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Re'eh, Elul

Friday, 30 August, 2019 - 1:29 pm


Elul!  The final month of the Jewish year begins this Sunday.  That word, Elul, carries a wide array of meanings.  For many rabbis it means it’s time to start polishing their sermons, for presidents of typical congregations it is a time to prepare their appeals, cantors practice their music and synagogue staff typically (not including almost all Chabad Centers) are selling tickets for High Holiday services.  Guest lists and menus are being planned for the holidays, and, of course, rabbis and teachers try to discuss and explain the deeper meaning of the Holidays. 


Traditionally, and most important, Elul has meant that we need to start taking seriously the fact that the year is drawing to a close, and it is time to make the annual “accounting” of where we are and how we are doing on fulfilling our mission in life.  Just as every business person must from time to time asses how the business is doing, what’s working and what is not, etc., so too we need to stop and take stock of our activities once a year. Another area of spiritual work in Elul is to prepare for Rosh Hashanah itself which is one of the reasons we blow the Shofar every day during Elul, in preparation of the main Mitzvah of Rosh Hashana – blowing the Shofar.  I know they sound like the same thing, but as you will soon see there are actually two distinct aspects of the work of Elul.


One of the fascinating aspects of Elul is the word itself.  There is no other month in which the name is so descriptive of the meaning of the month.  The four Hebrew letters of the word are acronyms for several phrases, each related to another aspect of the spiritual work that is characteristic of this month.  The most famous is Ani Ledodi Vedodii Li – I am for my beloved and my beloved is for me, referring to the Teshuva – return – to Hashem that we do, and the response in blessings and Divine light from Hashem.  You can find a wealth of information on Elul here


I want to talk about an acronym of Elul that is much less known and requires some discussion of Kabbalah and Chassidus to understand.  How do you spell the Hebrew word “lo?”  It has only two letters, but there are two ways to spell it, depending on what it means.  The lamed is the same on both, but lo with an alef as the second letter means “no,” and with a vav it means “to him.”  If you put these two words together, lamed alef and lamed vav, you get the letters of Elul.  What does “no” and “to him” have to do with Elul?  Earlier I alluded to the two parts of the spiritual service of Elul.  The “accounting” of where we stand in the observance of our life’s mission, and the preparation for Rosh Hashana.  Each of these is reflected in one of the words, lo (not) or lo to Him. 


Living a spiritually meaningful life, connected to Hashem and fulfilling the purpose for which He created us, involves the observance of many commandments, some things we must do and others we may not.  As we review our actions of the past year, we may realize that there are some areas where we need improvement – that our living “for Him” may have occasionally fallen by the wayside as we pursue our own needs, feeding our egos and following desires that weaken our connection to Hashem.  In Elul, we work to strengthen our observances and to remind ourselves of how great it is to live a life being conscious that we are here to better the world and to reveal the spiritual light of Hashem.  We work on living more “for Him” in our daily activities.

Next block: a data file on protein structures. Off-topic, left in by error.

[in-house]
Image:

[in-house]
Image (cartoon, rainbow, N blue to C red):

Then there is a much deeper aspect of our connection to Hashem in which we focus not so much on particular observances, but on our essential bond with Hashem.  This bond is referred to in Zohar as “lo” with a alef – “no.”  Chassidus explains that relationship and revelation of Divine light can only be on a conscious level.  There is a level of Divine essence that can never be revealed, that is beyond the grasp of even the holiest and most refined.  In fact, if we go deeper for a moment, the essential existence of Hashem is beyond any kind of revelation or relationship, even in the highest spiritual realms, because all “realms,” even the most spiritual, are still creations.  When we refer to Hashem’s essence, there is no creation and no existence other than Hashem’s pure existence.  So on that level, there is nothing other than Hashem’s essence and no connection with anything.  That is what we are referring to with the mystical “lo” – no. 


Chassidus teaches that the essence of our soul is sourced at the essence of Hashem.  This is not something we can comprehend logically, because it is beyond any logic or experience, it is the very essence of our souls that is above any kind of expression.  Yet on Rosh Hashanah we connect to this level.  We blow the Shofar, representing the cry from within the depths of our soul that has no expression of words or form of music.  We won’t, on Rosh Hashanah, enumerate our sins or shortcomings.  It is all about “accepting the sovereignty” of Hashem and recommitting to being His people, on a deep, essential level.  That is the other part of Elul, when we blow the Shofar daily and remember our inner core, a part of Hashem.  That, as the Zohar explains, is the “lo” in our relationship with Hashem, the relationship that cannot be logically explained nor felt intellectually or in our revealed emotions.  So the name Elul expresses the two areas of preparation for the New Year – our practice and feelings that connect us on a daily basis to Hashem, and the reminder of who we are essentially, a part of Hashem that can never be separated. 


I wish you a successful Elul in both areas, and may you and all your loved ones be inscribed and sealed for a good and sweet New Year. 

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